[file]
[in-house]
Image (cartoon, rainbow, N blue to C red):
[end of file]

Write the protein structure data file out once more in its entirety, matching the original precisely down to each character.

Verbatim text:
[in-house]
Image (cartoon, rainbow, N blue to C red):